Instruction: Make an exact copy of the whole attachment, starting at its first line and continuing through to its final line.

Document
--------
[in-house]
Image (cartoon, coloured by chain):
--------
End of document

[in-house]
Image (cartoon, coloured by chain):